It’s the headline that makes the sale in the publicity marketplace. The headline’s the one that grabs and holds the editor’s roving eye. No matter how brilliant your story may be, it won’t be read without the siren song of a headline.

Good to know, right? Better to know, though, is how to write a great headline.

  1. Keep it simple and direct. The goal of a headline is to hook the reader. Even with all the changes the digital era has brought, the typical headline remains only five to eight words. Examples: “Unresponsive Private Plane Crashes Off Jamaica” from the, and “Assassin Kills Kennedy: Lyndon Johnson Sworn In” from the Chicago Tribune.
  2. Express a complete thought. A headline has a verb, a subject, and sometimes an object. The stronger the verb, the better the headline will be. Examples: “Lava Threatens to Cut Off Town” from and “Titanic Sinks Four Hours After Hitting Iceberg” from The New York Times.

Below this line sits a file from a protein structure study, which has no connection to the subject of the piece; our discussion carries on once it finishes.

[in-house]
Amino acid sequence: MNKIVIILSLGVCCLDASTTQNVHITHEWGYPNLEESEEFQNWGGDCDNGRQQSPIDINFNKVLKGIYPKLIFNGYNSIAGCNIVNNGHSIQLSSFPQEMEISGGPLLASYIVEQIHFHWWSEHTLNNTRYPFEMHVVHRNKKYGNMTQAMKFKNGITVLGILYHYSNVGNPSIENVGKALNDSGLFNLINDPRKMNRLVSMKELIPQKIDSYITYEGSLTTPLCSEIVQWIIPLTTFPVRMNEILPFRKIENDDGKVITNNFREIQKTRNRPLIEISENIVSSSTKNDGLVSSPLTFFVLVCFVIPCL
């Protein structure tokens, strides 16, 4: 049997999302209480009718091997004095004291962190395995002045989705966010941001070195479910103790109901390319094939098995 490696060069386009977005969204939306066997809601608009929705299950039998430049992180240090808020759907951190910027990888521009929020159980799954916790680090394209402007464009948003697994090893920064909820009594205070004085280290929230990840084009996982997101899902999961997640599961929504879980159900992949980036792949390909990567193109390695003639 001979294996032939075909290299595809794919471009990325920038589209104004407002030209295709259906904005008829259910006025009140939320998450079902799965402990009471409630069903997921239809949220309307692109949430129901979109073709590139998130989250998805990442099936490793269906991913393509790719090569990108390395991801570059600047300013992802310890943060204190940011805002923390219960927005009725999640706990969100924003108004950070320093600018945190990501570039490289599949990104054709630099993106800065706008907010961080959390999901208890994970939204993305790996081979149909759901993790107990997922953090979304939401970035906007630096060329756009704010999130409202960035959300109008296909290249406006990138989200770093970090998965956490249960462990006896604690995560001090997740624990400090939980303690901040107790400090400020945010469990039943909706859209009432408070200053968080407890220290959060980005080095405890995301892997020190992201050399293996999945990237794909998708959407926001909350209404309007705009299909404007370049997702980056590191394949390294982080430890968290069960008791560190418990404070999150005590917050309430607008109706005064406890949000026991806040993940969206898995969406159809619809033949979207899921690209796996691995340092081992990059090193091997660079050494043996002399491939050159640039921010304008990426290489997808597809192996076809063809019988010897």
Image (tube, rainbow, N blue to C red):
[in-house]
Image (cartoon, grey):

3. Be specific. Readers make decisions in milliseconds. Don’t lose them by making generalities. Capturing their attention is in the details.
  4. Save the one- and two-word headlines for earthshaking events. Example: “Diana Dead” from The Daily News.
  5. Avoid the status quo. “No Word on New Tax Initiative” tells the reader not to bother reading. “Traffic Remains Top Commuter Complaint” is sure to induce a big yawn. 
  6. Watch the hyperbole and exaggeration. Forego using miracle, amazing, breakthrough, and other such words indicating the copy to follow is full of hot air. 
  7. Sidestep the “Upworthy Style.” Don’t bother with the trendy teasers hogging papering cyberspace, such as “This little boy was wheelchair-bound since birth. What happened at his aunt’s wedding will blow your mind.” Or, “This dog nursed an orphaned raccoon. You won’t believe the end result.”
  8. Apply the “doo-dah rule.” To make sure the headline sings (sounds good to the ear), say “doo-dah” after it. If there is a rhythm, you are good to go. Examples: “Nixon Resigns doo-dah” and “Dewey Defeats Truman doo-dah doo-dah.”